2 Kings 7

Prayer

Father, You have preserved for us in Your Scriptures, ways You have handled the unbelief of men. Be merciful to us; we have weaknesses similar to those who have preceded us. We ask for grace; give us the ability to unite faith to what we know, hear and read of You.

Today’s Hymn

Carl C. Boberg

Words: Carl G. Boberg, in Mönsterås-Tidningen, 1886 (O Store Gud); translated from Swedish to English by Stuart K. Hine: This hymn took a circuitous route to reach its present form in English. A generation after Boberg wrote the Swedish original, the words were translated into German in 1907, and quickly became popular in Germany. In 1927, the German version was translated into Russian, and Hine, a missionary in the Ukraine, heard it. He began the English translation some time later while in Carpathia, later adding the second and third verses, which contained much of his own original thought. Verse four came from Hine's pen in 1948, and, in leaf­let form, the hymn came to the attention of George Beverly Shea during the Billy Graham Crusade of 1954. After that, it became a favorite through­out the English speaking world.

HOW GREAT THOU ART
Click here for tune.

O Lord my God, when I in awesome wonder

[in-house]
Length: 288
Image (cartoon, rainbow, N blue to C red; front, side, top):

Consider all the worlds thy hands have made,
I see the stars, I hear the rolling thunder,
Thy power throughout the universe displayed:

Refrain

Then sings my soul, my Savior God, to thee:
How great thou art! How great thou art!
Then sings my soul, my Savior God, to thee:
How great thou art! How great thou art!

When through the woods and forest glades I wander
And hear the birds sing sweetly in the trees,
When I look down from lofty mountain grandeur,
And hear the brook and feel the gentle breeze:

Refrain

And when I think that God, his Son not sparing,
Sent him to die, I scarce can take it in,
That on the cross, my burden gladly bearing,
He bled and died to take away my sin:

Refrain

When Christ shall come with shout of acclamation
And take me home, what joy shall fill my heart!
Then I shall bow in humble adoration,
And there proclaim, “My God, how great thou art!”

Refrain

Optional extra verses:

3a. O, when I see ungrateful man defiling
This bounteous earth, God’s gifts so good and great,
In foolish pride God’s holy name reviling
And yet, in grace, his wrath and judgment wait:

3b. When burdens press, and seem beyond endurance,
Bowed down with grief, to him I lift my face,
And then in love he brings me sweet assurance,
“My child! for thee sufficient is my grace”

Thought Provoker